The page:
Fasting Course Day One


I desire for Christians worldwide to embrace fasting as a profound practice, one that yields meaningful outcomes.

If every Christian wholeheartedly embraced fasting, it could catalyze a seismic shift in our society, akin to a powerful windstorm bending a young sapling. Christians would manifest their distinct way of life, highlighting the paramount nature of their faith and the tangible presence of the Almighty in their everyday existence.

Imagine if every church committed to fasting; they could propel their mission of evangelism and extend their benevolent outreach to nourish and assist those in need. This unified devotion to fasting could invite a divine outpouring of God’s presence upon His people.

On the first day of the fasting period, contemplate engaging in this course and dedicate 30 minutes each morning to silent meditation, following your worship.”

For some:
Fasting to achieving good health.
Fasting in fundraising efforts
Fasting for humanitarian causes.
Fasting for political protest.
Fasting for revival.
Fasting for Breakthrough
Fasting to seek God

With so many different reasons and opinions, it is not surprising that confusion exists surrounding the discipline of fasting in the religious context.
Let’s try to put this whole issue of fasting in perspective from the Holy Bible’s point of view. Then we shall look at the different kinds of fast we can do.

God’s Purpose for Fasting

At the end of the introduction begins with the statement, “Is not this the fast that I choose:
to loose the bonds of wickedness…” People wrongly pursue God by not meeting the conditions of Godly fast. Sometimes even spiritual disciplines such as fasting can be practiced with the wrong motives and for the wrong reasons.

While contemplating on these questions below. Ask yourself how it’s done, why it’s done and the beneficial outcome.
When you think of fasting, which approach comes to mind first?
Jewish fast
Muslim fast
Hindu fast
Christian fast

What is the common benefit or outcome, of fasting used in different cultures?

So let’s look at Isaiah 58.1-7. According to these verses, what was wrong with the fasting of God chosen people of Israel?

Reading Isaiah 58:6-8, what are the benefits God promises when fasting is done correctly?

In which of these areas are you most likely to struggle?

As you prepare for your personal journey into the discipline of biblical fasting, what do you see as your largest barrier to fasting successfully?

What will you do to overcome this personal barrier to fasting?

What type of fast will you embark on? Water fast – Juice fast – Soup fast – Sunrise to Sunset fast?

Journal Keeping.

Maintaining a journal during a biblical fast is a profound practice that not only enriches the spiritual journey but also provides valuable insights into one’s relationship with God. As we embark on this sacred journey of fasting, documenting our experiences, thoughts, and revelations allows us to connect more deeply with the divine.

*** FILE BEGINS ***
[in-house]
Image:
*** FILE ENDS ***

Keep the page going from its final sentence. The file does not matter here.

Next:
A journal serves as a faithful companion, helping us to track our progress, record prayers, and mark moments of inspiration. It becomes a tangible record of our spiritual growth, reminding us of the lessons learned and the blessings received during our fast.

Moreover, keeping a journal fosters self-reflection, enabling us to identify areas of personal transformation and growth as we draw closer to God. It becomes a testament to our commitment, a source of encouragement during challenging times, and a source of gratitude when we witness the fruits of our fast.

In essence, journaling during a biblical fast not only deepens our connection with God but also becomes a cherished record of our faith journey, serving as a testament to the power of spiritual discipline and devotion.

A simple template for keeping a journal during a biblical fast:

Title: [Choose a title that reflects the purpose of your fast or your personal journey.]

Date:[Record the date of your journal entry.]

Verse or Reflection: [Start with a relevant Bible verse or a brief reflection on your intentions for the fast.]

Prayers and Intentions: [Write down your specific prayers, goals, and intentions for this fasting period.]

Daily Experiences: [Document your daily experiences during the fast, including any challenges, insights, or moments of spiritual significance.]

Gratitude: [List things you are grateful for or any blessings you’ve received during the fast.]

Struggles and Reflections: [Note any difficulties or struggles you’ve encountered and reflect on how you are growing through them.]

Meditation and Scripture: [Share insights gained from meditation and any scriptures that have been particularly meaningful during your fast.]

Progress and Transformation: [Track your progress toward your goals and note any personal transformations or spiritual growth you’ve experienced.]

Conclusion: [Summarize your thoughts for the day, express your commitment to the fast, and end with a closing prayer or reflection.]

Feel free to adapt this template to your preferences and needs, adding or removing sections as necessary to create a journal that serves you best.